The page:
No Longer Plugged In #amwriting

Time got away from me. A frequent occurrence anymore. “Must place heels down to stop the flow of time.” Thanks to Rochelle, as always, for providing this wonderful opportunity that is Friday Fictioneers.

PHOTO PROMPT © Dale Rogerson

No Longer Plugged In

My friends hated coming to my house because my parents despised texting when people were present: “Rude and unacceptable.”

My friends lived their lives on Facebook and Instagram, glossing over the ugly bits, constantly redesigning themselves so they were social media-friendly.

Then dystopia.

Without their phones and social media affirmation, my friends wander in a barren world

Caitlin appeared on my doorstep: “I had overnight oats for breakfast with very red strawberries.”

Noelle twirled in her dress. “It swirls.”

Tiffany held a blue martini toward the light: “Cerulean.”

Stephanie raised her dead phone to take a selfie. “I’m significant.”

end

Sascha Darlington

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29 replies »

  1. My internet has been having blackouts. It frustrates me. I have to ask myself why. Learn to do non-internet related activities, ie writing. But still… lol

  2. You sum it up very nicely, Sascha. Not real reassuring. My kids (in their 30s) wouldn’t think of keeping their phones out before. As time has gone on they don’t even notice they’re focused on it when they visit. I have to call attention to it, then they will put them away. Kids of today will not have a memory of a time before personal cell phones 🙁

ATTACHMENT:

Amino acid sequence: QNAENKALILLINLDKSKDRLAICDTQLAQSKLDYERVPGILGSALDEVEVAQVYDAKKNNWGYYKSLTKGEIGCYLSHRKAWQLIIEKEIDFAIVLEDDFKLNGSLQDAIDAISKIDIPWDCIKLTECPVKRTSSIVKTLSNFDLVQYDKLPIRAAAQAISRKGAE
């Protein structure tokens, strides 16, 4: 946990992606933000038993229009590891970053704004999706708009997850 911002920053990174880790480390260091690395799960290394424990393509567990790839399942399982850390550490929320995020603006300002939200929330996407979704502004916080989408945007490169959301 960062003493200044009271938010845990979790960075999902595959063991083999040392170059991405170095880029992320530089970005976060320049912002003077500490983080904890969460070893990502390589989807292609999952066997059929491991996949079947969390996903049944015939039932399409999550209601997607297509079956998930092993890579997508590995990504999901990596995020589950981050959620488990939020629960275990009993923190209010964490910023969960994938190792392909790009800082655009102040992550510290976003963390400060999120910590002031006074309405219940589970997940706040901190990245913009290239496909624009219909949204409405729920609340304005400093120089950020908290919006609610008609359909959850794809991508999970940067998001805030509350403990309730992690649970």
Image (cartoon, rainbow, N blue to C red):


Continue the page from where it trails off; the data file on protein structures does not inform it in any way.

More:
• I think we were lucky in a lot of ways where the new generation isn’t. We still get that human interaction, face to face, is a good thing. I don’t know that the younger generations can be swayed.

  3. This really resonated with me. I get so enraged with people when they have their noses in their phones and ignore everyone and everything around them. It is incredibly rude and it saddens me that it seems to be becoming the norm, but I grew up in a pre-mobile phone/internet world.

    Susan A Eames at
    Travel, Fiction and Photos

  4. How sad. All it takes is something like a sunspot to wipe out our communications. People who work with computers are worried about their children. They understand the problems. Well done, Sascha. 🙂 — Suzanne

    • Thanks, Suzanne. I don’t see how people can be weaned from their phones. I feel sad when I see so many people on their phones at restaurants rather than engaged with the person their dining with. It’s indescribably sad.

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